Favourites were the pork and shrimp wontons in hot chili oil, steamed squid with garlic, steamed spareribs with taro, steamed shrimp dumpling and pineapple buns with custard filling.

Sweet Treats in The Ladies Market (Fa Yuen Street)

Many people have been to the Hong Kong Ladies Market on Tung Choi Street but what many don’t know is that the Hong Kong Ladies Market continues along Fa Yuen Street.

This part of the Ladies Market is frequented by the locals, the streets are wider, and it has a calmer, less touristy atmosphere than the Ladies Market on Tung Choi Street.

Cake shop in the ladies market Hong Kong

Here we got to sample two sweets, the coconut tart and the red bean pancakes. Alan enjoyed the coconut tart while I fell in love with the red bean pancake.

Unlike traditional pancakes, the red bean pancake is made of glutenous rice flour and has a translucent spongy texture which is stuffed with red bean paste and is simply scrumptious!

Final Stop of the food tour for Chinese Tea

The Chinese believe that tea has digestive properties and each meal is concluded with a special cup of tea. William took us to a small airy tea shop and suggested we try bitter and sweet tea.

Chinese bitter and sweet tea

Our cold tea was served in a tea bowl. Alan had the bitter tea while I had the sweet tea. My tea had a delicate sweetness which was refreshing on such a hot afternoon.

Alan’s tea was extremely bitter, I tried it a few times hoping I would get used to the flavour, but the bitterness was overpowering and an acquired taste.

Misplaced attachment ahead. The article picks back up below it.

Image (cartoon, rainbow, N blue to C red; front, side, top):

Last Words on Eating Adventures Hong Kong Food Tour

We had a wonderful time on our Eating Adventures Hong Kong food tour of Kowloon. William was a wealth of knowledge and we learnt so much about local food, Chinese medicine and life in Hong Kong.

Eating Adventures Kowloon Food Tour

The stall holders at Mong Kok markets were welcoming and ready with a smile. I am so happy that we took this tour, the memories will stay with us forever. A big thank you to William for making our tour such a memorable experience!

If you would like to take an Eating Adventures Hong Kong Food Tour Click Here.

PIN THIS TO YOUR TRAVEL PINTEREST BOARDS ↓

Disclaimer: We were guests of Eating Adventures Food Tours and as always, all opinions are our own.

1 thought on “Eating Adventures Hong Kong Food Tour”

  1. I haven’t travelled to Hong Kong, but it’s definitely on my bucket list. A food tour would be the ideal way to see some of the island and experience the culture. The food looks delicious!

Leave a Comment

Your email address will not be published. Required fields are marked *

Scroll to Top
343 Shares
Tweet
Share35
Share
Pin308